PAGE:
The ebook has the same example as in the website? PHP, C++, JAVA?? or not?
The book itself is language agnostic, the code snippets given in the book are in pseudocode. However, the book comes with an archive that contains actual examples in 8 programming languages (C#, C++, Java, PHP, Python, Ruby, Swift, TypeScript), all extensively documented with code comments.As the name suggests, pseudocode generally does not actually obey the syntax rules of any particular language; there is no systematic standard form. Using pseudocode is a pretty common thing in education to explain general concepts. As far as I remember, I borrowed syntax from some of the examples on wikipedia and stuck to it throughout the whole book. Here's some more info about pseudocode: https://en.wikipedia.org/wiki/PseudocodeWhy did I use pseudocode at all?1) While I think that most people would understand the Java or C# syntax as well, any book that uses specific programming language is automatically perceived as tailored for that language. However, I wanted my book to be language agnostic. It's easy to do on the web version, because you can produce quick language switchers for code examples, but not as easy for static ebooks. With that said, I also know that some code examples were needed anyway. Therefore I used pseudocode and supplied the archive with real code examples along with the book. 2) While I might produce special versions of the book with real examples in the future, there's another problem with this approach. Some languages just lack decent examples for specific patterns due to special features that they have out of the box or non-existent applications for that language. But I think people should need about those patterns anyway, since, who knows, one day you might be a PHP developer and tomorrow life might switch you to C#.I hope this all makes sense. Let me know if you have further questions.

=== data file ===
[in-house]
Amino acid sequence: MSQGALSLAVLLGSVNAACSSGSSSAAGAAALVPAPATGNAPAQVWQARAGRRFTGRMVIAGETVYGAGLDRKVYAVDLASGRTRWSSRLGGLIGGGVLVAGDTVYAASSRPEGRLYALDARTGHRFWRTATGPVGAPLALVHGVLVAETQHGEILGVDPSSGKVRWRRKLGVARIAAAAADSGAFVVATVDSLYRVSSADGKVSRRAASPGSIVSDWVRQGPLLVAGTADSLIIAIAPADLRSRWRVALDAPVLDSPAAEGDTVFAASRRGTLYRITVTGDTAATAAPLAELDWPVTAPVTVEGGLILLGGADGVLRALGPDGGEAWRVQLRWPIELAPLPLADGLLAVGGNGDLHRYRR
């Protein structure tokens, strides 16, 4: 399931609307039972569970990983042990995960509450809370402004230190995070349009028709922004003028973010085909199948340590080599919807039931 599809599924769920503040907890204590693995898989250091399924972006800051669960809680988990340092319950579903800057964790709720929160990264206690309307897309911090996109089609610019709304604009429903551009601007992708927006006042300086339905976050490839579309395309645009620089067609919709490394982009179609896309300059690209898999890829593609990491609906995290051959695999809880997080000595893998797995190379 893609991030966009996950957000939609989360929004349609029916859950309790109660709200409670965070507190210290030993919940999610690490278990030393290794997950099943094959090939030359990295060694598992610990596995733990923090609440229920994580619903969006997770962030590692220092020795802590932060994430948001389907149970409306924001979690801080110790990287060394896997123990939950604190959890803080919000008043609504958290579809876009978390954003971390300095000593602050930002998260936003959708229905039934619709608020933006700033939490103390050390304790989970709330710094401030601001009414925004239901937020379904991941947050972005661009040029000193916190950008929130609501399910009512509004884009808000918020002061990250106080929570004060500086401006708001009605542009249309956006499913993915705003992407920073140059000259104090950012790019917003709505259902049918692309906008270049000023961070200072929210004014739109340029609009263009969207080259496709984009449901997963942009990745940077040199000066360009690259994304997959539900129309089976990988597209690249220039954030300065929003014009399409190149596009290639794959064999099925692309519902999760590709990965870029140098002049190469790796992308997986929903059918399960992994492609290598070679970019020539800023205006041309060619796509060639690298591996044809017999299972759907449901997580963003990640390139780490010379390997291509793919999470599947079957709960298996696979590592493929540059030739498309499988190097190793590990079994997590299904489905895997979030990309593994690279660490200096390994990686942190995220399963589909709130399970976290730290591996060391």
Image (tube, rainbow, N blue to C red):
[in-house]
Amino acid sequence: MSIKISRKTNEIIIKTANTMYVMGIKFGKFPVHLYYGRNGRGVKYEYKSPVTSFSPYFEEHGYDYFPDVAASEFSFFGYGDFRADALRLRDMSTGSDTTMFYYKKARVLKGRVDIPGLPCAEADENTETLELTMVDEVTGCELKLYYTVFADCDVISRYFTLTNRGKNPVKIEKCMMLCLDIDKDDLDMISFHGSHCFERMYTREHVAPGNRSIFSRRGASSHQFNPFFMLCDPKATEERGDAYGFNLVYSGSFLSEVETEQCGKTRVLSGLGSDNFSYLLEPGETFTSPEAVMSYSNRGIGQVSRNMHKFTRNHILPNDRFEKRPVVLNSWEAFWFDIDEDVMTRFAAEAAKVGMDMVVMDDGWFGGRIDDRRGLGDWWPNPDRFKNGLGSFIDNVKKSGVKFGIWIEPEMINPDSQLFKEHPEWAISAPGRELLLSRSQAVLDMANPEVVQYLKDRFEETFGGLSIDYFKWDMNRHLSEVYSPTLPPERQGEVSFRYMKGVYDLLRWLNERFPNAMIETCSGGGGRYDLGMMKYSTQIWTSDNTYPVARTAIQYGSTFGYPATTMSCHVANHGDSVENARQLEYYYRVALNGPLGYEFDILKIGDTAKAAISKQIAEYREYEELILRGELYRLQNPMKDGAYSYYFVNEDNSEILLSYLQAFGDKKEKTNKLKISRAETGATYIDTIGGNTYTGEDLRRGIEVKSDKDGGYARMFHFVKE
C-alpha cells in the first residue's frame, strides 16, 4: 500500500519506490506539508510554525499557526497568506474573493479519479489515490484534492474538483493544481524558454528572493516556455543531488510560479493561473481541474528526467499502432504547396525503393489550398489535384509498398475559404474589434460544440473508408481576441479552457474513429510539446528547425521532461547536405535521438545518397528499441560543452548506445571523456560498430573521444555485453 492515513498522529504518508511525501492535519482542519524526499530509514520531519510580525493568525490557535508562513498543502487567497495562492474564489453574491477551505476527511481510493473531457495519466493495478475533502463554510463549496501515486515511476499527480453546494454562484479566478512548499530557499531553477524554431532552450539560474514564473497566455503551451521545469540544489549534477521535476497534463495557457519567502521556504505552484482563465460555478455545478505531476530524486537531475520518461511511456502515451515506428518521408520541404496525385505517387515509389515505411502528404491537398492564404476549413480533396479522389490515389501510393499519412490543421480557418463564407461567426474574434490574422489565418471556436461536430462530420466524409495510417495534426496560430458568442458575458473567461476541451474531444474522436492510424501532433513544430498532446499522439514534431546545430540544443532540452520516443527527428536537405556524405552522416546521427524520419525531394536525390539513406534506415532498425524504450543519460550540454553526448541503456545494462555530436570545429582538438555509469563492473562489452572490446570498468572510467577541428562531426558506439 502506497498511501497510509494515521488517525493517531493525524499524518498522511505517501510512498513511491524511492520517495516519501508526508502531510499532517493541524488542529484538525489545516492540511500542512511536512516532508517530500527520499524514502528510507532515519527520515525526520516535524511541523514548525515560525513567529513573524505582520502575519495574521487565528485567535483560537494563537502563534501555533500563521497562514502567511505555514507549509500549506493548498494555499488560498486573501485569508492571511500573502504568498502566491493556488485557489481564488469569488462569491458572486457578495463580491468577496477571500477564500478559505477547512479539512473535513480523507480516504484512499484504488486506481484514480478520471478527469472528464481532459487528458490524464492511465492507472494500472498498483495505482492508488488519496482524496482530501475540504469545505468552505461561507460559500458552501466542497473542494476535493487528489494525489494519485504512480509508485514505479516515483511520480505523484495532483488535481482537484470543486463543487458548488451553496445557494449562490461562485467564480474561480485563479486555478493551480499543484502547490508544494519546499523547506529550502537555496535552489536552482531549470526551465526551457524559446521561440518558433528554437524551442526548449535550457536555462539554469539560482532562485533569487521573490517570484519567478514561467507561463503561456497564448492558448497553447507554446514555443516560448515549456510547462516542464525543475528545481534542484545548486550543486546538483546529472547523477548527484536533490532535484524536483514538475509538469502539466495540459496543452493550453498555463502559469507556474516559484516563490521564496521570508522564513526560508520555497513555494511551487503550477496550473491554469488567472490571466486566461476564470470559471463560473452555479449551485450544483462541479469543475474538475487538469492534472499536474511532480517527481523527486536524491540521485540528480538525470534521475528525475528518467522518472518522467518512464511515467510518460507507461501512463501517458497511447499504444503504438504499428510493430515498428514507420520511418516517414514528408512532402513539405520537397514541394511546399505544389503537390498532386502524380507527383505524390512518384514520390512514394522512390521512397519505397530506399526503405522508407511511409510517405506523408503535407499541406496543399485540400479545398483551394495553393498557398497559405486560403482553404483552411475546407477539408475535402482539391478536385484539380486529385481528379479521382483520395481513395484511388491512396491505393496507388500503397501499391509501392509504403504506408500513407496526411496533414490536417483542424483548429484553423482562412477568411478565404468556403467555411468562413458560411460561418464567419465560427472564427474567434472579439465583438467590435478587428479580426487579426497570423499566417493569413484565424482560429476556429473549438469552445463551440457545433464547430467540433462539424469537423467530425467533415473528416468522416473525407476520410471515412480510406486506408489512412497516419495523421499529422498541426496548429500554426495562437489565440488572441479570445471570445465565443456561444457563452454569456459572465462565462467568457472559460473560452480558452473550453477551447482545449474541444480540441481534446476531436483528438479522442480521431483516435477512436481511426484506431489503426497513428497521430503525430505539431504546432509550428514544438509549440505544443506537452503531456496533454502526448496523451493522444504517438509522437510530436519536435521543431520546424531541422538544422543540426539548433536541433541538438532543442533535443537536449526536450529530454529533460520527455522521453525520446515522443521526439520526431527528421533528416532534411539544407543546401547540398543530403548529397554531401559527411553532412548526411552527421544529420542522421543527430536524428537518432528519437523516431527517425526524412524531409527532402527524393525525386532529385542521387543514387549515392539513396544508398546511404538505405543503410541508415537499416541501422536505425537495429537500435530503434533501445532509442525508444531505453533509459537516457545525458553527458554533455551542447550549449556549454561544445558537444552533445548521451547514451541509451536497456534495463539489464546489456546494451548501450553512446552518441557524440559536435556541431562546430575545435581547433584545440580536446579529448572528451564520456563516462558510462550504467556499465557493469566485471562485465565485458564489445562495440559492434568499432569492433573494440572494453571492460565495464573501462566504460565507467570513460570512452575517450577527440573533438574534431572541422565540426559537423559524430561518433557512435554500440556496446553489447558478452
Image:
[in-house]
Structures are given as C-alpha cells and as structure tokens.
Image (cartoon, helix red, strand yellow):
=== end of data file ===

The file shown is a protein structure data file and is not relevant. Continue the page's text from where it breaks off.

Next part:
Thank u very much for your fast reply!!